Via David Packwood, I was made aware of the sale, last Friday at Moore, Allen & Innocent, for Â£2 million, of a Dutch 16th-Century portrait that the buyer and whoever he was bidding against evidently thought was a Rembrandt. Now, it certainly is a good-looking painting and evidently related to Rembrandt, but — at least judging from the low-quality reproduction available at the auction house’s site — this is pretty far from the real thing.
I am not a specialist, but to me the handling on the face, with its patchy application, and the superficially applied highlights on the tunic spell out Pastiche. Loudly. In the early period emulated here, Rembrandt did indeed apply paint in rather thick patches without blending a whole lot, but his results were still of a wholly different order of nuance. Packwood has an example up, which should demonstrate the difference in quality conclusively.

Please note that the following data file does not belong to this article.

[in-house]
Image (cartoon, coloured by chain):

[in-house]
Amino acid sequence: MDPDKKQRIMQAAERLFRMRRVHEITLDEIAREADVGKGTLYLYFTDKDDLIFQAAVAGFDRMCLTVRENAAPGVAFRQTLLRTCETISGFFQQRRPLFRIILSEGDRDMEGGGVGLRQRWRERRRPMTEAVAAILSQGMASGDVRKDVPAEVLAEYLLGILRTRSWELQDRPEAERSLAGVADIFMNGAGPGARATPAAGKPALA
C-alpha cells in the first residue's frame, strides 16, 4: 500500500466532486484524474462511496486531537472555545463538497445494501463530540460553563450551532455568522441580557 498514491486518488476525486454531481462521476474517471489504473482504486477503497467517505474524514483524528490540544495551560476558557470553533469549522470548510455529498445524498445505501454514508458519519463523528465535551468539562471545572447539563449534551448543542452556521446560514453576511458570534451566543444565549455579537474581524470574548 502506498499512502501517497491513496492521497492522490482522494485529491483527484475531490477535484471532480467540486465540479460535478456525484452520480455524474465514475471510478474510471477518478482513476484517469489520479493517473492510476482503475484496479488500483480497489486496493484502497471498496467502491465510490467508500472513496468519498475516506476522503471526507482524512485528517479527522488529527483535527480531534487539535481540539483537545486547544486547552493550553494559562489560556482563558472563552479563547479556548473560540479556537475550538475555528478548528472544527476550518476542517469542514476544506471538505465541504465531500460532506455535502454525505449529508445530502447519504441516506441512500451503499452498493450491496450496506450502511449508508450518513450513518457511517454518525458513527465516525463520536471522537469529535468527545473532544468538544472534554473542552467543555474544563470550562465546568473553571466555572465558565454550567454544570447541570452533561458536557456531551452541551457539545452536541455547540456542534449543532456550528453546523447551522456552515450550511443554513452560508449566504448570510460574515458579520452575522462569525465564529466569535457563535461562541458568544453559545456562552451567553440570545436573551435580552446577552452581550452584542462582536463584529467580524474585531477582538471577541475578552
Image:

I am unfortunately not that well-versed in the work of Rembrandt’s students and artistic circle, but the suggestion made in the comments section of Packwood’s site, that it could well be by Isack Jouderville, seems convincing. Nice picture, but Â£2 million..?